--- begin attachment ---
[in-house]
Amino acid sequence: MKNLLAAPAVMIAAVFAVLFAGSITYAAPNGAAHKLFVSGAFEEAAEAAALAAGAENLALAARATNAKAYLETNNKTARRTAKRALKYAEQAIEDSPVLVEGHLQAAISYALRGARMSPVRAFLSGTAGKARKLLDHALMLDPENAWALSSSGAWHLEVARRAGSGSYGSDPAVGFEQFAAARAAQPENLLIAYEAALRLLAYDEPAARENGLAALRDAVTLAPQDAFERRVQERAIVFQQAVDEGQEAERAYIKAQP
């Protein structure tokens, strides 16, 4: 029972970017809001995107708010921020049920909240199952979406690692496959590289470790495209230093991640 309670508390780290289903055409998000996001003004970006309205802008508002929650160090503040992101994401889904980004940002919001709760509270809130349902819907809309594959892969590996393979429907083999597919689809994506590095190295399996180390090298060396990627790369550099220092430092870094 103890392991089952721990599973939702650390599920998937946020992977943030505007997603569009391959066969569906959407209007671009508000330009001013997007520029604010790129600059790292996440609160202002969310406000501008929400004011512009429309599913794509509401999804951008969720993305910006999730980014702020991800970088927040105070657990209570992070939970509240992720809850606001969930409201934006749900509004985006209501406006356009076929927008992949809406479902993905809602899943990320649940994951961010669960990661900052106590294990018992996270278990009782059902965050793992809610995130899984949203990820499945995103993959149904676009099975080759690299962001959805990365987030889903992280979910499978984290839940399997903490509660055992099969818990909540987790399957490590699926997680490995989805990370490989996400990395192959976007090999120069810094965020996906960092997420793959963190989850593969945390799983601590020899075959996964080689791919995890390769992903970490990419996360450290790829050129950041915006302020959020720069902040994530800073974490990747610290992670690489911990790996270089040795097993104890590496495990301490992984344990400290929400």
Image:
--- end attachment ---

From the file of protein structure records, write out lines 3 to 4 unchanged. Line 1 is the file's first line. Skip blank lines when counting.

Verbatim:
């Protein structure tokens, strides 16, 4: 029972970017809001995107708010921020049920909240199952979406690692496959590289470790495209230093991640 309670508390780290289903055409998000996001003004970006309205802008508002929650160090503040992101994401889904980004940002919001709760509270809130349902819907809309594959892969590996393979429907083999597919689809994506590095190295399996180390090298060396990627790369550099220092430092870094 103890392991089952721990599973939702650390599920998937946020992977943030505007997603569009391959066969569906959407209007671009508000330009001013997007520029604010790129600059790292996440609160202002969310406000501008929400004011512009429309599913794509509401999804951008969720993305910006999730980014702020991800970088927040105070657990209570992070939970509240992720809850606001969930409201934006749900509004985006209501406006356009076929927008992949809406479902993905809602899943990320649940994951961010669960990661900052106590294990018992996270278990009782059902965050793992809610995130899984949203990820499945995103993959149904676009099975080759690299962001959805990365987030889903992280979910499978984290839940399997903490509660055992099969818990909540987790399957490590699926997680490995989805990370490989996400990395192959976007090999120069810094965020996906960092997420793959963190989850593969945390799983601590020899075959996964080689791919995890390769992903970490990419996360450290790829050129950041915006302020959020720069902040994530800073974490990747610290992670690489911990790996270089040795097993104890590496495990301490992984344990400290929400």
Image: